Geologically, Italy is a new country, and its present structure, that which lies beneath your feet, took place by the massive movement of plates that pushed against each other, and thrust Italy out of the ocean forming the impressive Apennine chain that runs like a spine down the length of the country. In doing so it left behind layers of sand, clay and gravel, along with volcanic tufts and limestone. That should give you some idea of what ancient undertakers had to deal with. Picks and spades were obligatory. Road drills would have been handy. I make this point because terra firma determines the type of last resting place a citizen’s family might provide for the newly deceased, and they vary from the downright plain to the extravagant, if not everywhere grandiose. The extremes in such things seem to have been better left to Popes and tyrants of a later age.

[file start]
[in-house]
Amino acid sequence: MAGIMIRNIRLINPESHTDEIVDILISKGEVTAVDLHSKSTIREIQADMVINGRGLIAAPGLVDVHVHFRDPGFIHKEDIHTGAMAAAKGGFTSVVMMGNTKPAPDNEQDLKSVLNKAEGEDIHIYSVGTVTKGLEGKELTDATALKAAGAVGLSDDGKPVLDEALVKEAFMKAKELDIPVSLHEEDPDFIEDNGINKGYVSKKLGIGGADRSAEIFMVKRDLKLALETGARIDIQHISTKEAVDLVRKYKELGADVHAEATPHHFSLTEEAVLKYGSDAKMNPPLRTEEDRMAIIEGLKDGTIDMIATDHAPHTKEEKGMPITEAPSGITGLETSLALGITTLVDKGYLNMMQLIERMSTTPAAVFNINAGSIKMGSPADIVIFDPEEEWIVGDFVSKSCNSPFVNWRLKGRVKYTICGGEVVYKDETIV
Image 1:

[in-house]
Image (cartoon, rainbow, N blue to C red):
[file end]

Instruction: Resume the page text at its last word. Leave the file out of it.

For burial chambers sand might appear soft, but isn’t; rock being just as you’d expect. The former is very unstable, the latter not. Both provided a last, and lasting, resting place for Etruscan citizens. But if they were thinking of having a good nap, it was probably not for long! Having a penchant for adding precious items to the memorial box they were soon emptied out by others more interested in loot than respect for the oft, very long ago, departed. It’s probably the reason why, unlike the Greek and Romans, the Etruscans, on the whole, tended to hide their dead, rather than display them. Though I read somewhere that the ancient Greeks had a habit of burying their dead under the kitchen floor! It may have been to keep an eye on them, because in the case of the the Etruscans you can bet a bob or two if some later – say a couple of millennia later - acquisitive local, when the chance occurred, would still follow in their forebear’s footsteps, tip out the superfluous chaff, and pinch the lot. There’s a pretty penny to be made from a ‘used’ two thousand year or so sarcophagus, I can tell you.